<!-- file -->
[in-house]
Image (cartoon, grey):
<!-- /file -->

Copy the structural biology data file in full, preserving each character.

[in-house]
Image (cartoon, grey):